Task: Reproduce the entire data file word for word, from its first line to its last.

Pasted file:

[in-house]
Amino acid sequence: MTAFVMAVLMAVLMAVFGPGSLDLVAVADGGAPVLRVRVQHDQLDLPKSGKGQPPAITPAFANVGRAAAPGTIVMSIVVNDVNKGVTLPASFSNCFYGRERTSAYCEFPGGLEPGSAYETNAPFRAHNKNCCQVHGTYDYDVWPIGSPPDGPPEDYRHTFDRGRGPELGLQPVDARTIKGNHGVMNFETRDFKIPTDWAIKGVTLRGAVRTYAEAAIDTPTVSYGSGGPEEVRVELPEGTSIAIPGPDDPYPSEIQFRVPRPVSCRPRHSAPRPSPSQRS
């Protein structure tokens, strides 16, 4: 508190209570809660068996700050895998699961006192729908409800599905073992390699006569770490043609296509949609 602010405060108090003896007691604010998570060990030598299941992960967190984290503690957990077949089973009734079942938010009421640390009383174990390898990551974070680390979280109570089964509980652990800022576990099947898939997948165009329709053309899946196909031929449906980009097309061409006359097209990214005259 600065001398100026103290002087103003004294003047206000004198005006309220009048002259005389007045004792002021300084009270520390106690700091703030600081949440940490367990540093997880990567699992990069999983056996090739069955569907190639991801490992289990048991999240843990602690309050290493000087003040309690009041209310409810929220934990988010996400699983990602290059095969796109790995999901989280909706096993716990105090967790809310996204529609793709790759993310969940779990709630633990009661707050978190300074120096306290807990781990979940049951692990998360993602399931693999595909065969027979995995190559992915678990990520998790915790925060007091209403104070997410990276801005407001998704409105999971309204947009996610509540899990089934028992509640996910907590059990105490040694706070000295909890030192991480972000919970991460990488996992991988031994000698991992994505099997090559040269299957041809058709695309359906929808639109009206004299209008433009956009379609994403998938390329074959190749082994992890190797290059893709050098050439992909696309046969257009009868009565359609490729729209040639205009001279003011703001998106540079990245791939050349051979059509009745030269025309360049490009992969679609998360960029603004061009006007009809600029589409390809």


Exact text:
[in-house]
Amino acid sequence: MTAFVMAVLMAVLMAVFGPGSLDLVAVADGGAPVLRVRVQHDQLDLPKSGKGQPPAITPAFANVGRAAAPGTIVMSIVVNDVNKGVTLPASFSNCFYGRERTSAYCEFPGGLEPGSAYETNAPFRAHNKNCCQVHGTYDYDVWPIGSPPDGPPEDYRHTFDRGRGPELGLQPVDARTIKGNHGVMNFETRDFKIPTDWAIKGVTLRGAVRTYAEAAIDTPTVSYGSGGPEEVRVELPEGTSIAIPGPDDPYPSEIQFRVPRPVSCRPRHSAPRPSPSQRS
């Protein structure tokens, strides 16, 4: 508190209570809660068996700050895998699961006192729908409800599905073992390699006569770490043609296509949609 602010405060108090003896007691604010998570060990030598299941992960967190984290503690957990077949089973009734079942938010009421640390009383174990390898990551974070680390979280109570089964509980652990800022576990099947898939997948165009329709053309899946196909031929449906980009097309061409006359097209990214005259 600065001398100026103290002087103003004294003047206000004198005006309220009048002259005389007045004792002021300084009270520390106690700091703030600081949440940490367990540093997880990567699992990069999983056996090739069955569907190639991801490992289990048991999240843990602690309050290493000087003040309690009041209310409810929220934990988010996400699983990602290059095969796109790995999901989280909706096993716990105090967790809310996204529609793709790759993310969940779990709630633990009661707050978190300074120096306290807990781990979940049951692990998360993602399931693999595909065969027979995995190559992915678990990520998790915790925060007091209403104070997410990276801005407001998704409105999971309204947009996610509540899990089934028992509640996910907590059990105490040694706070000295909890030192991480972000919970991460990488996992991988031994000698991992994505099997090559040269299957041809058709695309359906929808639109009206004299209008433009956009379609994403998938390329074959190749082994992890190797290059893709050098050439992909696309046969257009009868009565359609490729729209040639205009001279003011703001998106540079990245791939050349051979059509009745030269025309360049490009992969679609998360960029603004061009006007009809600029589409390809």